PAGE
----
Since, then, we know what it is to fear the Lord, we try to persuade others. What we are is plain to God, and I hope it is also plain to your conscience. We are not trying to commend ourselves to you again, but are giving you an opportunity to take pride in us, so that you can answer those who take pride in what is seen rather than in what is in the heart. If we are “out of our mind,” as some say, it is for God; if we are in our right mind, it is for you. For Christ’s love compels us, because we are convinced that one died for all, and therefore all died. And he died for all, that those who live should no longer live for themselves but for him who died for them and was raised again.
Some were accusing Paul and his group of being nuts. But if they were nuts, then they were nuts for God (crazy for Jesus…on fire!). But if they were sane, then they were sane for the Church. They’re basically saying ‘We try to persuade/convince people into pleasing God, versus pleasing themselves, and we do this in plain speech. We’re not trying to brag, as some are accusing us of doing; we’re giving you an opportunity to debate apologetics, witness, and evangelize.’
Some books on theology can be too difficult to read. For example, one of my favorite books is Bonhoeffer’s “Cost of Discipleship”. I once sent it to my mom to read to help with her spiritual growth, but she had to send it back, for the reading was “over her head”. Another time, I was talking with a friend who’s currently attending seminary. There, he’s learning all those Theological terms, different ways of thinking and talking, etc. I assured him that I’ve often enjoyed a good theological discussion/verbal wrestling, but it’s not the type of speech you want to use when witnessing/evangelizing to people who don’t know Jesus or anything about Christianity, for they most likely will not know the terms. They’ll become confused and/or turn away. If you want regular people to understand you and your message, then you need to speak in regular speech.
Jesus also said that when praying, not to use big/fancy words, as the Pharisees and teachers of the Law did, but plain, everyday language. Similarly, in Paul’s time, Philosophers were known to speak in tall words, almost codes and in difficult speech. But like I said, that doesn’t help the listeners/students learn, especially not to share with others or understand. It also brings glory to the speaker as one with eloquent speech.
Verse 11: “Since, then, we know what it is to fear the Lord, we try to persuade others. What we are is plain to God, and I hope it is also plain to your conscience.”
In this verse, the word for fear (φόβος) means “Fear, terror, reverence (for God), respect (for persons)”.
The word for Persuade (πείθω) means “persuade, convince, win over”.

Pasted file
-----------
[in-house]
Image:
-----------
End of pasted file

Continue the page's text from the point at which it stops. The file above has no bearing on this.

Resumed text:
Plain (φανερόω) means “Make known, reveal, show; make/be evident or plain; appear, reveal oneself”
Paul’s sarcasm: ‘we’re not trying to commend ourselves to you again, but giving you an opportunity to take pride in us, so that y’all can answer those who take pride in (earthly concern’).
Then there are books, such as those from Philip Yancey, that anybody can understand. They’re straight-forward and speak in plain language. This is what Paul claims he was doing. He’s not being like the church officials, philosophers, theologians or Pharisees who bring praises to themselves with fancy speech, but instead uses plain, simple, everyday speech, both with God and with them. He even says that he hopes he’s plain to them, for that’s his intention.
When I was serving as a Youth Pastor to Jr. High students. While talking with a mentor, I explained my struggle because I often felt like I had to water down the message for them to understand it. But he explained that it’s not watering it down, but “adapting” the message for the audience so that they can understand it. Paul’s purpose was so they would understand for themselves, so they could answer the questions being asked by non-believers and seekers. Why would they want to answer questions and witness? Because it’s part of trying to please God. People have questions about Jesus (:20, we’re Christ’s ambassadors) – God’s making His appeal through us.
:12 = To take pride in us and to help you answer questions
Among the many apologists I enjoy reading from, one of my favorites is Josh McDowell. I believe he’s done his research, knows what he’s talking about and that his evidence/findings will stand up in debates. Another is the late Rev. John Bray. I also have some favorite websites I like to visit for help and information. So when I discuss Christianity with non-believers and critics, I often use these sources to help me with my answers. I take pride in these sources as being correct, and if it’s a fact, I’ll tell it as a fact. If it’s an opinion, then I’ll introduce it as a notable suggestion. In the same way, Paul’s saying that by his plain speech, he’s hoping the Corinthians will take pride in him as their trustworthy, notable source when answering critics and non-believers of their time.
And finally, take pride in the things that are unseen, not seen. Here are some examples of things that are seen and unseen:
- Christ’s presence
- Passing judgment
Seen: (Cares of this world):
- Money/Financial wealth
- Material items
- Who are some of your favorite sources/resources in your Christian/Bible studies? Or, who do you look to (or take pride in) for answers about the Bible?
- What are some other things you can think of for each of these categories?
- How are some ways that you can take less focus off the things that are “seen”, and more focus onto the things that are “unseen”?